Wolverine and the X-Men #11: Hope Snikt

Jason Aaron continues to confound by serving up a solid Avengers vs. X-Men experience.

Andy Hunsakerby Andy Hunsaker

Wolverine and the X-Men #11

Back when my Book Report compatriot Iann Robinson was vascillating back and forth between praise and anger towards Jason Aaron about his run on Wolverine, I didn't really understand it, since it was a book I wasn't reading. Now, however, after seeing the aggravating disaster of his run on Incredible Hulk in contrast with two of the best tie-ins to Avengers vs. X-Men I've seen, I understand why his inconsistency is so frustrating.

Wolverine and the X-Men #10 gave us the most cogent explanation yet of Cyclops' side of the big AvX divide (and finally started to make note of the 'uh, hey, guys, Rachel Grey already did for years what you think is impossible to do' thing), and this week's #11 puts us inside the head of Wolverine, the hairy Canucklehead caught between the two teams as a member of both. It takes place as a corollary to AvX #4, filling in the time between Hope makes the deal with Logan to let her TRY to control the Phoenix and to kill her if she can't, mixing in a derailment at the hands of a squad of Shi'ar Death Commandos trying to kill Hope first, as the Shi'ar are historically the most anti-Phoenix folks there are.

It's a really effective look into Logan's churning anguish over all of this, through flashbacks to his inability to kill Jean Grey, the woman he loved, when the Phoenix was consuming her, and realizing slowly that he's not the devil-may-care murderer he once was anymore. Even though he works on a covert hit squad called X-Force, he also runs a school despite being the least qualified guy to do that ever (part of the reason I didn't much like this series when it started – it felt like a faulty premise shoehorned together for the questionable "yuks"). He's always seen himself as the guy the X-Men counted on to take on the harsh business of killing when killing needed to be done, but he's not going to cross that line to killing kids. At least not any more than he already did in Aaron's Wolverine run, where he apparently unknowingly sliced and diced a whole slew of his own bastard children. To be fair, I believe they were also trying to kill him at the time.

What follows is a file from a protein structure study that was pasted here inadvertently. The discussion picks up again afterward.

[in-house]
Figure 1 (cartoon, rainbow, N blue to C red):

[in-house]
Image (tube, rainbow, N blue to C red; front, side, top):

Anyway, this much-needed look into actual character motivation is woven throughout a great deal of slapfights, such as the showdown between Iceman and the Red Hulk, Iron Fist and Rachel, and the kinda cool part where Hope copies Wolverine's healing factor and claws so they can both start snikting away on the Shi'ar Kill Krew – at least before she has another one of her crazy Phoenix flare-ups and flash-fries them. Nick Bradshaw's art is pretty darn good in illustrating all of this as well, juggling the massive fight scenes while making the emotional moments reasonate strongly, be it Logan's turmoil or Hope's dangerous power bursts.

The only problem I have with all this is just a fundamental design of "events" in general, which is kind of a Catch-22. The way it works now is that the main book always feels like a disjointed, nonsensical mess while the tie-ins fill in the blanks and help inform the questionable logic we've seen in that central story. It seems like the marquee book shouldn't NEED such things, and should make sense in and of itself. However, if it was entirely self-contained like good stories should be, the tie-ins likely wouldn't have much to explore or much reason to exist, and the whole point of events is to sell more books.

How do you fix that? And while we're at it, how can Aaron make something this complicated work so well, and at the same time crash headlong into The Incredible Hulk with a reckless abandon that leaves fans wondering if he'd been dropped on his head as a child? One element would seem to be that Wolverine and the X-Men #11 isn't trying so hard to be funny that it becomes grating. There are some jokes, but for the most part, it's dealing with weighty morality issues and internal struggles in the midst of a lot of punching.

And yet, even the jokes here are pretty good – particularly Aunt Petunia's Favorite Nephew Benjamin J. Grimm aka The Ever-Lovin' Blue-Eyed Thing fighting Sunspot and not knowing who he is, then asking "you still got the guy with the giant maggots around?" That's just fun. So why is Aaron's Hulk so bad? I couldn't tell you. Just be glad that Wolverine and the X-Men is good right now.